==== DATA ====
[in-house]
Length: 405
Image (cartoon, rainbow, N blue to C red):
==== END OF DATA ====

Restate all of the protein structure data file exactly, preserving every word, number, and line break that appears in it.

[in-house]
Length: 405
Image (cartoon, rainbow, N blue to C red):